Diane Abbott is a giant figure in the modern Labour party. As the first black woman ever to be elected to the House of Commons, and the longest serving black MP, she is an inspiration to black and brown communities – especially women – across the country. Abbott also wrote a crass and offensive letter to the Observer, in which she unfortunately, and utterly unsuccessfully, sought to distinguish racism from prejudice – in the process deeply offending the Jewish, Irish, and Gypsy, Roma, and Traveller (GRT) communities. For a life-long campaigner against racism, this was an especially egregious error.
It was not only the reactions on social media that were swift. The Labour party suspended her from the Parliamentary Labour Party (PLP) – so she now sits as an independent MP – and started an investigation into the behaviour. Almost simultaneously, Abbott herself apologised effusively, saying:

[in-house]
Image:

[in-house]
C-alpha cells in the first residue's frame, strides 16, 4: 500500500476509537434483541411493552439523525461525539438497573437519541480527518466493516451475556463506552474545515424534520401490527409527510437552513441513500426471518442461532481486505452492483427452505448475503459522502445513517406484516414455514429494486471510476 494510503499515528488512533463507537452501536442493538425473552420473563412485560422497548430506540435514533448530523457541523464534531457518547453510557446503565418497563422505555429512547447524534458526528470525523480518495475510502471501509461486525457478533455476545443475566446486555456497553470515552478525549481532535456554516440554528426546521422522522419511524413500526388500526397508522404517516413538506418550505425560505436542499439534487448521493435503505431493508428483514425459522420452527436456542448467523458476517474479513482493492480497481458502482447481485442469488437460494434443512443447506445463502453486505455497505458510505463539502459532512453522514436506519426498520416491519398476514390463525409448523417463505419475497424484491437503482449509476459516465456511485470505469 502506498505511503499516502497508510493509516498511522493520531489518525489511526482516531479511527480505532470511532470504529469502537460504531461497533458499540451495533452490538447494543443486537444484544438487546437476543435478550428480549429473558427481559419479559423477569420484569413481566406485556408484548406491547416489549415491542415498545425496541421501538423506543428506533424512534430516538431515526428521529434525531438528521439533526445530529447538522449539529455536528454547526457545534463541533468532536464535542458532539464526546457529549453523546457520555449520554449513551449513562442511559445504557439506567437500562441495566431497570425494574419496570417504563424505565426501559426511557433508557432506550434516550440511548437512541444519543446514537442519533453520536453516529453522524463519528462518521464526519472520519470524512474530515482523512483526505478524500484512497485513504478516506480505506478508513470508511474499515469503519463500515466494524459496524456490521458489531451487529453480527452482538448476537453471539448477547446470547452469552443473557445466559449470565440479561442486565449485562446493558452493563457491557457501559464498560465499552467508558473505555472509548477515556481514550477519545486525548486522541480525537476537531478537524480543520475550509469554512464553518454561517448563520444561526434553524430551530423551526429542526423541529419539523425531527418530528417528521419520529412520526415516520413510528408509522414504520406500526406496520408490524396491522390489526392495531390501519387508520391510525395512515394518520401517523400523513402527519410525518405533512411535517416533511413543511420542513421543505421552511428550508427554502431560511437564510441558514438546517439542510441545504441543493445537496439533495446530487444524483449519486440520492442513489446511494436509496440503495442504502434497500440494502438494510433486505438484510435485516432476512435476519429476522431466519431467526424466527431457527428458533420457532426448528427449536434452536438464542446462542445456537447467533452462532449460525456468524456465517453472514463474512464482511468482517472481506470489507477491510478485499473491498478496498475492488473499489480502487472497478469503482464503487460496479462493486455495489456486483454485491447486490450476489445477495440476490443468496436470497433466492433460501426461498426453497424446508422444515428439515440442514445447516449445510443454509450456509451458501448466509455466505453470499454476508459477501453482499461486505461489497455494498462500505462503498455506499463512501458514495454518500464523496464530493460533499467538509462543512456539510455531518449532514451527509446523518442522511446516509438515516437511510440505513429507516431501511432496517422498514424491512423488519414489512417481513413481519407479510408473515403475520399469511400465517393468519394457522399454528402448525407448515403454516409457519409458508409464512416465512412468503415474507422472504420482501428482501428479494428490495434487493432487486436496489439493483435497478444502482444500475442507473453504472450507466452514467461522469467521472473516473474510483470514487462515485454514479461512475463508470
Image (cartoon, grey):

‘I wish to wholly and unreservedly withdraw my remarks and disassociate myself from them. The errors arose in an initial draft being sent. But there is no excuse, and I wish to apologise for any anguish caused. Racism takes many forms, and it is completely undeniable that Jewish people have suffered its monstrous effects, as have Irish people, Travellers and many others. Once again, I would likely to apologise publicly for the remarks and any distress caused as a result of them.’
The letter was a challenge for the Labour party, which under Keir Starmer’s leadership has promised to tear out anti-semitism by the roots – and they have acted under the party’s disciplinary processes. But it is also a challenge to all of us who take part in public political debate: why do we find it so hard to accept an apology? And we do.